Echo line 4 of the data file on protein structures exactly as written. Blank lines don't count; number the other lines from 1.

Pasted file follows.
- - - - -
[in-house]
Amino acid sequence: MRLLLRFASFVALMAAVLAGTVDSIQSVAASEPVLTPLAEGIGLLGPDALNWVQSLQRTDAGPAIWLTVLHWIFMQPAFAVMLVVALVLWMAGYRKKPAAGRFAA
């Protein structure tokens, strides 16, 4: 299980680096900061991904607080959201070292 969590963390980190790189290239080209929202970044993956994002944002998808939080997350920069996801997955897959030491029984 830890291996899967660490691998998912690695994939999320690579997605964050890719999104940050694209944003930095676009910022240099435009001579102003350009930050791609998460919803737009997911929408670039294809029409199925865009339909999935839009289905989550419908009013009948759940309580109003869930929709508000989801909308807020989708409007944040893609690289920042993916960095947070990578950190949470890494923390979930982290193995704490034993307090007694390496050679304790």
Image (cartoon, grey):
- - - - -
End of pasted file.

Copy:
Image (cartoon, grey):